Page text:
“Maybe it’s punishment,” says Cate Blanchett. Her tone is dry, her garb unassuming, and she is wearing horn-rimmed glasses. There’s no trace of celebrity gloss, but Blanchett is striking without it—five foot eight, and slender. Turning to her husband, the playwright Andrew Upton, she speaks above the din the dogs are making. “You got Dorothy when I went into ‘Uncle Vanya’ rehearsal last year, and then Fletcher arrived as soon as we started ‘Gross und Klein’.”
“That’s it,” Upton says. To those who know him—not the public at large, but people in theatre circles—his defining feature is his impish grin. Today, however, he has a more sober air. “It’s a way of stopping you doing plays,” he says, deadpan.
We’re in the office the two of them share as joint artistic directors of the Sydney Theatre Company. If you’ve seen Blanchett on fewer screens of late, this is the reason why. Alongside raising a young family—three sons, aged between ten and three—the job has been Blanchett’s and Upton’s life since late 2007, when they moved from Britain to take it on.
In the end the puppies are led out by a personal assistant, and we get down to business. This is the largest theatre company in Australia: it has a turnover of A$30m (around £20m), stages over 1,000 performances a year and gets 300,000 people through its doors.
Quite a few actors have made the jump to running a theatre, from Shakespeare and Molière to John Malkovich and Kevin Spacey. Blanchett’s and Upton’s predecessor, Robyn Nevin, had long been a fixture on Australian stages. But unlike her, Blanchett leapt into management from the heights of a prolific career in Hollywood. It was a dramatic shift, possibly unprecedented for a female star who is also a young parent: Kevin Spacey doesn’t have three small sons to deal with. She hasn’t cut back on acting: while her film credits have thinned out, she has been busy on stage in Sydney, Washington and New York. This afternoon, she has a day to go till the opening of her latest play.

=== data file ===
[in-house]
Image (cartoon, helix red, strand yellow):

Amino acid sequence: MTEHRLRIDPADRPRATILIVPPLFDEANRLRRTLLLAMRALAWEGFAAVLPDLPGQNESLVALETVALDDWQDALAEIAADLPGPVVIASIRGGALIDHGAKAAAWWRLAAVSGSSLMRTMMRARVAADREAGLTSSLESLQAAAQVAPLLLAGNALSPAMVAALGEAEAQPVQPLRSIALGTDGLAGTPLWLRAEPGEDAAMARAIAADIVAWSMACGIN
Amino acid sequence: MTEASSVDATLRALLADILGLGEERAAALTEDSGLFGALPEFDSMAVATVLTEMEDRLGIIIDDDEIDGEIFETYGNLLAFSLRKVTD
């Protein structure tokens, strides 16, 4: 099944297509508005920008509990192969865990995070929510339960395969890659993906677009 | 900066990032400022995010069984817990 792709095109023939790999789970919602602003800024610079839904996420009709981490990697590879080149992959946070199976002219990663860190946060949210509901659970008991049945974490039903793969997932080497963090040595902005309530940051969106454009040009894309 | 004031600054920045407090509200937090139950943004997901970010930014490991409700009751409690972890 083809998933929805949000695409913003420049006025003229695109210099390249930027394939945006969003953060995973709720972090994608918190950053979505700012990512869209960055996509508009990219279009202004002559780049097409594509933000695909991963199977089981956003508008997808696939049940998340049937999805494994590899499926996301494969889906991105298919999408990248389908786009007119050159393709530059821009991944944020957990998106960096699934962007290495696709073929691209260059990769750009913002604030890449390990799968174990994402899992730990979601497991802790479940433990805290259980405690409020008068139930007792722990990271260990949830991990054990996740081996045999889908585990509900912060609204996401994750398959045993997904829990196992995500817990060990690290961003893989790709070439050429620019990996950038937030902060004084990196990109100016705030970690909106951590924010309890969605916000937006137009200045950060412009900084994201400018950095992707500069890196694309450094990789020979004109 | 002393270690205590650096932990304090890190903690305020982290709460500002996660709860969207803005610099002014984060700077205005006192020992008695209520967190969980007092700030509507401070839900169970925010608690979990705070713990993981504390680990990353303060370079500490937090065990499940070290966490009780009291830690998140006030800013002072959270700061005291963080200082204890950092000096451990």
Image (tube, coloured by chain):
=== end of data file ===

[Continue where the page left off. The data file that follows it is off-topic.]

“It’s going to be something,” she says. You would know the voice; it has a distinctive timbre, deep and airy at the same time. As she talks she moves about, re-tying her platinum hair, or shifting to sit on the floor when lunch is set on a coffee table. This brings me to one revision: her outfit is not entirely unassuming. As she folds her feet beneath her, she exposes a pair of glitter-encrusted brogues.
In person, she is engaging, earnest, unmistakably smart. The room is cluttered, with a Newell Harry artwork on the wall that says, “No point being king shit of turd island”. Below, on a low green couch, Upton follows keenly as his wife gives an answer, and sometimes interjects. At times they sound like characters in a play: something sparse and modern.
“When you say it’s going to be something,” Upton says, “you mean it’s not going to be nothing.”
“Yes,” says Blanchett. “That’s what I mean.”
They’re getting at the fact that “Gross und Klein” is not an easy play to stage. Written in the 1970s by the Berlin playwright Botho Strauss, it is often described as episodic—meaning that the story exists, but is somewhat skittish. Blanchett thinks of it as a quest, with her character, Lotte Kotte, setting out “to be useful, to do good works, to find communion with people”. Though, as Upton adds, “it could also just be a woman who’s grieving.” Either way, doing the play was one of the first ideas they had in the job, and they commissioned a new translation from the British playwright Martin Crimp. After its season in Sydney, the production will tour Europe: from March to June, it goes to the Barbican in London, the Théâtre de la Ville in Paris, the Vienna Festival and the Ruhrfestspiele in Recklinghausen—so this remade German play will not escape the eyes of the German public.
It’s an audacious venture. The question is, will it work? It’s striking that neither Blanchett nor Upton is willing to say if the play is good. Blanchett is even briefly deflated to hear that I am going to the opening night—“I was hoping you’d come later in the week.” It’s a curious thing to hear from someone who has five Academy Award nominations, and who took an Oscar home for playing Katharine Hepburn in “The Aviator”. But this is theatre, and Blanchett, like any stage actor before press night, doesn’t quite know how it will go.
“It’s the interesting thing about theatre that gets neglected,” says Upton. “Everyone remembers that it’s live, which is a good thing, because it is live and it happens before your eyes, unlike television, YouTube and films. But it’s the importance of the audience in the actual making of the work [that tends to be forgotten]. The moment an audience joins a work, it starts to become a play. Until then, it could be anything, it could be nothing.” He seems the more vulnerable of the two, though it may be his mood, which he later describes as “stinky”.